There have been some significant changes recently at troubled company VeriSign
This company is the utility and the toll booth of the Internet. It registers and "keeps" .com and .net addresses for $6 per address, per year ($3.50 for .net domains). In fact, these rates are set to rise to $6.42 and $3.85 in October. With the Department of Commerce granting it exclusive registry status through 2012, with preemptive rights for renewal, it's a locked and loaded situation.
We must protect this house
VeriSign is also a leader in website digital certificates. This is the stuff that secures any online transaction through encryption technology. It's another cash cow, because certificates are priced per server, per year. Certificates range from $399 to $699 per year, per server. High margins and repeat business are music to an accountant's -- and a shareholder's -- ears.
VeriSign has a lot of other business lines -- some profitable, some costly. The payment systems business is plodding along, but the new CEO could sell it for a tidy profit. VeriSign is a leader in SSL service -- handing off cell-phone communications from one network to another, seamlessly. VeriSign collects a very nominal fee for such secure hand-offs.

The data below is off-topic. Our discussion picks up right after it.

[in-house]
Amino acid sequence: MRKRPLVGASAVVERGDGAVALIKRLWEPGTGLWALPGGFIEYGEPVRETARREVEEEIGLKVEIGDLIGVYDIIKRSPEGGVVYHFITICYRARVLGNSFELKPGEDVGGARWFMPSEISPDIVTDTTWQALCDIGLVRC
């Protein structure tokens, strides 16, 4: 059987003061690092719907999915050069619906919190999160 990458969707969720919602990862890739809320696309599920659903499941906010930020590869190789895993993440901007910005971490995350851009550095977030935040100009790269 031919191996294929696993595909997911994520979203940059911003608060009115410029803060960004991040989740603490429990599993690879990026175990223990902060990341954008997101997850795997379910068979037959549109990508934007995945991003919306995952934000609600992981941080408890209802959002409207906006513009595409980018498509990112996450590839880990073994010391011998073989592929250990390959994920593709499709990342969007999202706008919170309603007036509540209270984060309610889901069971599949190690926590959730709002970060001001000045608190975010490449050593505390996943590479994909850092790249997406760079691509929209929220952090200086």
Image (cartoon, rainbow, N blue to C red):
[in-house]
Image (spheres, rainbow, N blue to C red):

The new CEO, William Roper, is age 60 and has a strong accounting background. I think he's going to make this baby lean and mean, sell off any non-strategic assets, and increase the profits. The stories circulating about Roper are that he is about profits -- profits now. VeriSign's core businesses should generate operating margins of 25% or more because the .com and .net registry operates with very high gross and operating margins. Website digital certificates carry the same scenario.
Growth and cash flow
Many analysts and portfolio managers are warming up to the VeriSign name with new management in place. Of course, some rumors say that with the departure of Mr. Sclavos, the company will be sold to a private equity concern. With a revenue base of $1.5 billion and core businesses growing, the cash flow would more than cover any debt incurred by a private equity buyout.
VeriSign has the best of both worlds: a friendly government agency granting it the exclusive registry and high-gross-margin lines of business. VeriSign's stock is at $33, a 52-week high, but the best is possibly yet to come. Based on my nine years of experience following the company, I expect earnings to be $1.40 to $1.50 per share for 2008 and $1.80 to $1.90 for 2009, and believe that the new CEO will increase margins and unleash the true growth potential of the company. If these things pan out, the stock price could grow to $45 over the next nine to 12 months.
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